I know it's true, oh so true, 'cause I saw it on TV......by Barbara Kapetanakes, PsyD. on 01/26/15
In the news this week is an outbreak of measles that can be traced back to Disneyland. Dozens of people in 11 states are suffering with the disease right now and I'm sure there are more to come.
In 2000, the US declared measles eradicated. Decades of vaccinations had led to measles being a thing of the past. Around that same time a doctor published a study declaring that vaccines could cause autism. Autism awareness went up, diagnostic criteria changed causing an increase in the diagnosis of autistic spectrum disorders, and people panicked. Despite the fact that the original study was never replicated, despite the fact that it was proven that the original study was based on fudged data and questionable subject sampling, despite the fact that measles and other "eradicated" diseases can be fatal or crippling, an anti-vaccine movement ensued.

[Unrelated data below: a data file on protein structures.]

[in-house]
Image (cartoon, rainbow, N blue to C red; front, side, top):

And now, as of this writing, 68 people have measles.
The Internet is a wonderful thing. We can find information instantaneously, we can connect with like-minded individuals, find support, etc. It is also a very dangerous thing, since misinformation can be passed on as gospel and spread like wildfire. No scientific research has ever found vaccines unsafe for the general population. Let me say that again. NO scientific research has EVER found vaccines unsafe for the general population. In fact, it is the opposite--through mass vaccination efforts we have eradicated diseases that plagued our ancestors only a generation or two ago. Expectant mothers got rubella and gave birth to children who were deaf, blind, mentally retarded, or a combination of all three. Polio crippled a future president. In 2015, we thought we had nothing to worry about. But we do.
Be very careful when reading information. Check your sources. A doctor who lost his license to practice and a former Playboy model and comedian are probably not the best places to get medical advice. Click those links that lead you to the actual research papers. Read the actual research. What journal is it from? Who wrote it? Has it been replicated or disputed? THEN make your (now informed) decisions.
People die of measles. If you want to choose not to follow your doctor's advice, at least do it armed with information from reputable sources.